Art & Design

Adam Green’s Totally Sincere Guide to Becoming an Artist

Art & Design

Adam Green’s Totally Sincere Guide to Becoming an Artist

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Adam Green is an artist. The New Yorker has been recording and releasing music since the age of 18, most famously as one half of the folk-hero duo, The Moldy Peaches. But that seminal group is no more (sigh), and Green has gone on to express his inner turmoil/angst/joy/insecurities/fantasies in different ways. The sometimes filmmaker has gone on to carve out a pretty nifty career as another kind of artist—the visual kind. His latest show, Cartoon and Complaint, is launching this weekend with an invitation-only reception at fellow artist Dustin Yellin’s Red Hook studio (and runs until June 19). You can see some of Green’s latest work above, which he says was inspired by everything from drug visions, to a box of crayons, to tarot cards, to Aladdin. See? Artist. But not everyone can be an artist. It takes conviction, according to Green, and “letting your emotions guide the medium,” and a whole bunch of other stuff that sounds equally intense and rewarding. But enough about you. Here are Adam Green’s ten essential steps to becoming an artist.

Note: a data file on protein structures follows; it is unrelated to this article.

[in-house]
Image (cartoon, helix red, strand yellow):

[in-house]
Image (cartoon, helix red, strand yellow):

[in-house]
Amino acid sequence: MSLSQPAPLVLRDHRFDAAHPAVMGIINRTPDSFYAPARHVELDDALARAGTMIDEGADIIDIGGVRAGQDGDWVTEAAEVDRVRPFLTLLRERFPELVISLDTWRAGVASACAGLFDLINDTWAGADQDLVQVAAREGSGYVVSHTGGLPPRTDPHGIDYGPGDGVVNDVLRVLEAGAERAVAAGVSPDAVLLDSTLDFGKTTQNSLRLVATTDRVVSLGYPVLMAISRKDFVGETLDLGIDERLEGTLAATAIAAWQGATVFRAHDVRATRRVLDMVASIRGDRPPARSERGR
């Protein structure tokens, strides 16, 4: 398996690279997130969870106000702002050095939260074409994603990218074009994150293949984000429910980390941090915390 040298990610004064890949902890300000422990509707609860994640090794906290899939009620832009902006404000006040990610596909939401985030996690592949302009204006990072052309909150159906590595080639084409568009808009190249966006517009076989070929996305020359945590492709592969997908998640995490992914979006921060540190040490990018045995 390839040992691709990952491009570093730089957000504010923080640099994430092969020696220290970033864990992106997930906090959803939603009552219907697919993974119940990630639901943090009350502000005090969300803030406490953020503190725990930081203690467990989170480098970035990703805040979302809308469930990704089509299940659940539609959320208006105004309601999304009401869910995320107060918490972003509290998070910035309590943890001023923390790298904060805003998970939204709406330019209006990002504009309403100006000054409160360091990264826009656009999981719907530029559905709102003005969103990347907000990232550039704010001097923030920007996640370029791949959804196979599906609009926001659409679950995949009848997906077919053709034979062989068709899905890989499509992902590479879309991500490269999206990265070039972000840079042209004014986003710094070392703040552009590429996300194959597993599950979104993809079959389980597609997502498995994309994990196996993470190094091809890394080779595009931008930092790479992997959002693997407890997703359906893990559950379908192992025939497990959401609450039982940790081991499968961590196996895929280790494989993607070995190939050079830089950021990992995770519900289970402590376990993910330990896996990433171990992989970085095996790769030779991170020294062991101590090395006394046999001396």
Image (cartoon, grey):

1. Decide upon Artist as your destiny and begin to value your own visions with esteem and conviction. You can’t really start until you think that way about yourself.

2.  Work 75% with the things that come naturally to you and don’t assume that just because a certain idea occurs naturally to you that it is obvious to anybody else.

3.  Excavate exactly what it is inside your head and make that thing in the outside world.

4.  Let your emotions guide the medium. If you are a songwriter, let your emotions guide the melody into words. If you are a visual artist, let your feelings enter into the lines and colors.

5.  Juxtapose things that you don’t think have been put together before. Use the weight of one thing to balance the other.

6.  Freak yourself out. Be the bravest version of yourself in your artwork. What is brave to you surely must be brave to some others. What is embarrassing or vulnerable is probably where the artwork is hiding.

7.  Don’t be afraid to incorporate humor, but balance it with romance.

8.  Regularly put aside two hour blocks of time—silence your phone and put it in a drawer. Apply yourself to a creative discipline. It’s scary to start, but once you get rolling those two hours will pass quickly and you’ll have something to show for it.

9.  Never give up on a piece of artwork, there is almost always another deeper level to consider it wherein it can be modified and recontextualized to serve your will. Take a break from that piece and revisit with the goal to complete.

10.  Don’t be hyper-critical of yourself. If you find yourself criticizing what you are creating too much, then change what you are going for. Don’t be a hater of what you make – learn to love “all your children” to some degree and understand why you feel the need to create them.